The British love affair with soft fruits continues to grow over strawberries, blackcurrants and raspberries. The problem? Not enough labourers to pick up the ripe fruit in 2020.
Coronavirus and Brexit have caused an uproar among the United Kingdom’s fruit and vegetable farmers. The annual picking season approaches in May and they all have a grappling problem -not enough seasonal migrants to pick fruit and other crops.
Soft fruits like strawberries, blackcurrants and raspberries, are a staple for many UK consumers. The production of these soft fruits dominates over 90% of the cropping area with produce being consumed in the domestic market and shipped overseas. Coronavirus and Brexit have left this industry uncertainty over the availability of EU migrant workers. Fruit growers across the county side have struggled to secure help to pick this year’s harvest, less than a third of migrant agricultural workers are expected to arrive this year to the farms. Coronavirus lockdown measures have restricted international movement of labour leaving the future of the picking industry in an informal iffy.
The country needs about 80,000 agricultural workers annually to pick and pack the soft fruit harvest. COVID-19 restriction is stated to cause a shortfall of 70% of migrant workers this season and the uncertainty continues to grow for the future. Robotic technology has stepped in to solve this threatening seasonal worker shortage.
As a proposed solution, Agri-EPI Centre together with the National Farmers Union, University of Lincoln, and others, with a backing of more than a hundred fresh food producers have formed a consortium to address the ongoing labour crisis. The consortium aims to facilitate the use of robotics and automation (R&A) for picking soft fruit and vegetables. Though the initial trains are on, the consortium aims to manufacture robotic technology and roll it out next year confirmed by the Agricultural Engineering Precision Innovation Centre, one of the coordinators of the project.
The picking robots who help fruit and vegetable growers to pick the ripening harvest are very much at a trial stage. They have started to pick strawberries and would be extended on farms growing apples, blueberries, lettuce and broccoli.
Soft fruits can get damaged very quickly, thus the picking trials are a more complicated process involving many intricacies. It involves the robot to identify the berries, hidden in between the leaves, precisely localize the stem and cut it without direct contact with the soft fruit to lessen the damage.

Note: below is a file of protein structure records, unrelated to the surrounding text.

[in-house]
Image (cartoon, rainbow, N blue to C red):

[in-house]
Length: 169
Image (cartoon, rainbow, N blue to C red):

While automation has been explored by fruit and vegetable growers in the past, the development of new technologies is a lengthy process involving many trials and cost overheads. Besides, the deployment of robots needs a complete redesign of farms which are traditionally adjusted for human labour.
Fieldwork Robotics working in autonomous harvesting robot’s technology has trialled a 1.8-metre-tall robot costing £700,000 to develop. The results were very encouraging, the whole harvesting process took only about ten seconds per berry.
The Long Road Ahead
Ali Capper, Executive Chair of English Apples & Pears and chair of the NFU Horticulture and Potatoes Board, states that the agri-food consortium is an ‘excellent initiative’ and one that was ‘long overdue’.
Adding support to the technology, she said, “Growers have an on-going challenge around the availability, cost of and access to seasonal labour, exacerbated by Brexit and now Covid-19,”. “This is a global challenge with many countries around the world facing seasonal labour difficulties. I commend the consortium for their energy in trying to accelerate the use of robotics in the fruit and veg sectors and look forward to being part of the team that brings new robotic solutions forward to British growers and growers.”.
The Agri-consortium has a long way to go, focussing on its five due courses of action for the betterment of the fruits and vegetables grower’s community across the UK.